Meeting roomsEdit

Aside from the exhibition booths, E3 also hosts meeting rooms and other office-like spaces. In comparison to the main booths, the meeting areas are small, quiet, and austere, and might only be used for conducting official business or press. These meeting areas are generally reserved for appointments and closed-door exhibits. Walk-in visits are typically discouraged or not allowed. In the LACC, the meeting rooms are concentrated in the Kentia Hall and Concourse Hall, but side rooms can also be found in hallways throughout the complex. Smaller exhibitors (including, for example, licensing companies with no capacity for actual game production) will often have a meeting room and no exhibition booth at all, while others may have both a small exhibition booth and a meeting area. Large exhibitors typically build meeting rooms into their main booths, but usually opt to have an additional meeting room away from the noisy exhibition hall.

Online scheduling systemEdit

In addition to the physical event, E3 supports or is otherwise associated with a number of online sites. One site introduced in 2006 was E365,[2] an online community which attendees use to pre-network and schedule meetings with one another.

Media coverageEdit


Many websites and blogs have a history of providing extensive coverage of E3 with live webcasts, game previews, game media and blog entries covering popular press events. Some of the more popular sites include (but are not limited to) IGN, GameSpot, Kotaku,, GamesRadar, Machinima, GameTrailers, and G4.

On site, the event is covered by professional journalists from around the world. Proof of credentials are verified before the event or on-site. Originally E3 was almost entirely dominated by print games journalists, the event eventually came to include general and specialist TV crews, newspaper journalists, website journalists. Many of these attendees came with consumer-level digital video and photograph cameras. Since E3 was closed to the general public, guest invitations have been widely extended to game-specific fansites, blogs, wikis, forum members and other enthusiasts who likely would have attended in the past. In this way, social media has been used to maintain a connection between E3 and the fan community.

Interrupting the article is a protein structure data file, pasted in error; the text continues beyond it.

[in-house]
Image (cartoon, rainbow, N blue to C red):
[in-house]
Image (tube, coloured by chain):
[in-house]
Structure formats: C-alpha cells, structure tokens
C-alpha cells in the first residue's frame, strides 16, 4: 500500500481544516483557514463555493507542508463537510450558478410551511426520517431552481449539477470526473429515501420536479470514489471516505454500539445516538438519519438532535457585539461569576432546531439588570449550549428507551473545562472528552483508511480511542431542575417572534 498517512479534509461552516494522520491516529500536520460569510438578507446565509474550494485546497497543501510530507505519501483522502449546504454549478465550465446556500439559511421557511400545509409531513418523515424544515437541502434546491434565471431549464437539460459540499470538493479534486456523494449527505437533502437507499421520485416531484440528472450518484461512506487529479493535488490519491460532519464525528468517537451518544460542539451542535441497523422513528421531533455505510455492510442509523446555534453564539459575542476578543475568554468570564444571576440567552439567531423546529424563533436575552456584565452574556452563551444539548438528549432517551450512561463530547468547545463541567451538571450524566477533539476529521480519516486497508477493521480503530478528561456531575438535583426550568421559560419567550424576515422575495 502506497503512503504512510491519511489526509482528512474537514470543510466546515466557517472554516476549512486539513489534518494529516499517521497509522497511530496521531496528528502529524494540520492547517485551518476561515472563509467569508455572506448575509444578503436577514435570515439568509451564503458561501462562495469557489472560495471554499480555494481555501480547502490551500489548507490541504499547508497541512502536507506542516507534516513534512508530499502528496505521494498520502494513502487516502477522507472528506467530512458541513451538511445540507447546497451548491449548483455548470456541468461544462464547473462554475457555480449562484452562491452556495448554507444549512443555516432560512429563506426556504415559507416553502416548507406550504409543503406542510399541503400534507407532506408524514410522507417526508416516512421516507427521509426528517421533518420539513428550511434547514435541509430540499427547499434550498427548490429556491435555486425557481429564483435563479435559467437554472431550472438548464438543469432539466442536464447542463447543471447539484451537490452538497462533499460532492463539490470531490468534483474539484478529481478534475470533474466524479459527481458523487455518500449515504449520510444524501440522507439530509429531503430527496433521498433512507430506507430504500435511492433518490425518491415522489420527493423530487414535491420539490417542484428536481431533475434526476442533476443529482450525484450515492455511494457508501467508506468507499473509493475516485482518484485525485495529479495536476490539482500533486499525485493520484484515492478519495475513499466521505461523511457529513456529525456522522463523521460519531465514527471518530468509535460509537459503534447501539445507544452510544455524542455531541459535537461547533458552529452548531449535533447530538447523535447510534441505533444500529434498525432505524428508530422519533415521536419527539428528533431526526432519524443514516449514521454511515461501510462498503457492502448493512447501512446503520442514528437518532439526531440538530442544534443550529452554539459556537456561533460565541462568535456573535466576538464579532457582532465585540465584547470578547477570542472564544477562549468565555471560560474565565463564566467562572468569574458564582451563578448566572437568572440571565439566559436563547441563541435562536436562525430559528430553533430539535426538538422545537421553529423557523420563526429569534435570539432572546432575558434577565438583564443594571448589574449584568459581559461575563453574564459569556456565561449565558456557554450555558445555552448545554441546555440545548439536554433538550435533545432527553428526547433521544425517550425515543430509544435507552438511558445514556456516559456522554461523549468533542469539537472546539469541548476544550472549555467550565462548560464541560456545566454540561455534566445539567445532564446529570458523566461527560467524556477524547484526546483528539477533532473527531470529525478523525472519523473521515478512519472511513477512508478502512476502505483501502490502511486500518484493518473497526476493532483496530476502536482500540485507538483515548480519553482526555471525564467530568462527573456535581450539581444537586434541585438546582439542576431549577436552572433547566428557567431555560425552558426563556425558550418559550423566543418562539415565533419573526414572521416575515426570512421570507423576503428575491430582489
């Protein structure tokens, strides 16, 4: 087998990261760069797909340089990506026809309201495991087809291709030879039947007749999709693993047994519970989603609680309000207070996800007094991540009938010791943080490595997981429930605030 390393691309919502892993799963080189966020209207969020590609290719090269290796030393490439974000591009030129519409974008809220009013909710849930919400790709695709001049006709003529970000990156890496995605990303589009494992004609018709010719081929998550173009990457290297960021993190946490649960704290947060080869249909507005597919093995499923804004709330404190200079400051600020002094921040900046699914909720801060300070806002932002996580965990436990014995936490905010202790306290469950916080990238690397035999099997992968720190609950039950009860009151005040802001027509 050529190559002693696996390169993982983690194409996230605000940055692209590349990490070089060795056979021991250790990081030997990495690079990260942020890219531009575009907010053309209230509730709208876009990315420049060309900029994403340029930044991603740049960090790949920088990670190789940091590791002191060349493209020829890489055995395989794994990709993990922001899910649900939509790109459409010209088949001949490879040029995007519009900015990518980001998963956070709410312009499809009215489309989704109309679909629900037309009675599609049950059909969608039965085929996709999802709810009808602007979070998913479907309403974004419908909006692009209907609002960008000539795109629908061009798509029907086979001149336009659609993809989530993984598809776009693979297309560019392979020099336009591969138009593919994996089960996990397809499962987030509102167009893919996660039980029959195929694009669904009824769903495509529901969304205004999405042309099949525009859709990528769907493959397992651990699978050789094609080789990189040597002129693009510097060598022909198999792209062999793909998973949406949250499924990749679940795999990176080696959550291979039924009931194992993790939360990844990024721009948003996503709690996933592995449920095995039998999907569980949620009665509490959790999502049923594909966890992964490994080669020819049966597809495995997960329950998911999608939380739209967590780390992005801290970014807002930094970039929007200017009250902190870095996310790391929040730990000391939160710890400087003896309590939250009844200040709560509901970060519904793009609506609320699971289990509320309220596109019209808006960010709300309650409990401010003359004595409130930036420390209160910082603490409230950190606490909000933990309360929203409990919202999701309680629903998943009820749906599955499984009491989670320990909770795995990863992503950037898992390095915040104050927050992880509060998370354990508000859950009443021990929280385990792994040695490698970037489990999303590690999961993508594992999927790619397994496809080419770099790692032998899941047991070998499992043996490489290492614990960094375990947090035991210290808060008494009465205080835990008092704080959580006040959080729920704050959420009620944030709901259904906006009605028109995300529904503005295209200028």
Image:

On behalf of the organizers, Future Publishing now publishes the free official daily magazine, named in 2006 as The 2006 Official Show Daily. Previously published by Ziff Davis under "SHOWDAILY", the magazine provides news, and maps of the show floor.

Traditionally, many of the media outlets give out Best of E3 awards in various categories. Common categories include Best of Show, Best Trailer, Best Original Game, Best PS3 Game, Best Xbox 360 Game, Best Pc Game, Best Action Game, Best Hardware, etc. Of the awards, the most prestigious is the Best of Show of the Game Critics Awards.

E3/Tokyo '96Edit

In 1996, IDG and the IDSA trialed a Japanese version of E3, in preparation for a worldwide series of events, at the Makuhari Messe in Tokyo (as E3/Tokyo '96) in association with TV Asahi. The show was originally going to be sponsored by Sony Computer Entertainment but their support was pulled in favor of their own PlayStation Expo. Sega also pulled out of attending at the last minute, leaving Nintendo as the only one of the 'big three' to appear. Running between the 1st of November and 4 November 1996, the combination of several other gaming expos and the lack of support from Japanese game manufacturers meant the turnout was reported as 'poor', and as such no further E3/Tokyo events have taken place. Rumored E3 events that were to occur in Singapore and Canada were also canceled.[3]

See alsoEdit



External linksEdit